“I am also pleased to announce that ACI Africa has crafted its strategic orientation for the coming three years, premising on the development of a robust and sustainable air transport industry for Africa with the SAATM project as the backbone,” Chaves said. He applauded the government of Rwanda for building the new Bugesera International Airport and providing political stability making Rwanda “a regional hub for conferences, transport and tourism.”
He further revealed that “ACI-Africa is currently in advanced discussion with the ICAO Regional Office WACAF towards providing support and contributing to the Comprehensive Regional Implementation Plan for Aviation Safety in Africa (AFI Plan) on aerodrome certification in line with the project of ICAO to assist a number of airports in Africa in the certification process over the next two years.”
While the conference stressed the need to increase the availability of renewable energy and secure funding for new technologies for alternative power, it called for strong action to achieve net zero target of the industry, noting that net zero airports globally, including Mombasa, are considering or “already creating their own renewable energy power sources.”
Chaves identified climate change as one of the biggest challenges, noting that “African airports have begun to embrace ACI's Airport Carbon Accreditation programme, which is the only global carbon management standard for airports.” He said ACI-Africa is pursuing “numerous green initiatives in the pipeline over the next three years,” including the Sustainable Aviation Academy launched last year to deepen knowledge in Africa on environmental sustainability.
At the event, the ACI Africa and ACI World signed a Memorandum of Understanding “for the mutual recognition of their training courses, and to combine and complement their efforts in the delivery of quality training on the continent.”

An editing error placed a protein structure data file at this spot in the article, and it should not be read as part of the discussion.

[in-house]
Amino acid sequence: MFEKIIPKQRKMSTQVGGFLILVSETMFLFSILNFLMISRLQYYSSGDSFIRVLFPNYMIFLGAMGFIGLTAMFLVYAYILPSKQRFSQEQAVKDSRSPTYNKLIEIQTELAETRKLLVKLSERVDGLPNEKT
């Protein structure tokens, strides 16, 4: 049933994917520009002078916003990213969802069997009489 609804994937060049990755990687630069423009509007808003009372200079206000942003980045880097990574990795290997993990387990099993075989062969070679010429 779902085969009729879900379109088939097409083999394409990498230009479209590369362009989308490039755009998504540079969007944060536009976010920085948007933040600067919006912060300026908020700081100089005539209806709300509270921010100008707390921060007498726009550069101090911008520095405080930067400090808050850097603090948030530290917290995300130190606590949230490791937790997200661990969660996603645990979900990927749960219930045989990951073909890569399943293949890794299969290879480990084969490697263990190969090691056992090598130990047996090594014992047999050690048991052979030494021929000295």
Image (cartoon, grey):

The attributes of the African economy and aviation industry created optimism as crucial airports’ discussions in Kigali. Air transport supported 7.7 million jobs and US$63 billion in economic activity in Africa pre-pandemic, while aviation added 2.7% of all GDP in African countries.
Though Africa with 1.4 billion people representing about 17% of the world’s population contributed just 2.5% of the world’s passengers in 2021, the ACI World also showed passenger traffic in Africa recovered from 114.8 million to 178.6 million in 2022, or a 78% recovery of 2019 levels. Interestingly, ACI World’s new World Airport Traffic Forecasts (WATF) also indicated that Africa’s passenger traffic, compared to its 2022 volume, is set to almost triple by 2041, and Africa’s air transport business models and competitiveness would be key drivers for Africa.
Considering Africa’s strong growth potential, the conference called for the strengthening of the spirit of ‘No Country Left Behind,’ to make appropriate provisions that enable big and small airports in Africa excel, under a liberalized air transport market that opens new markets in the continent.
Overall, the event emphasised on continued partnerships as the key to Africa’s aviation and economic transformation. The benefits of the ACI-Africa conference in Kigali is expected to be far-reaching in Africa, as the 71 member airports operate in 53 African states, managing over 265 airports.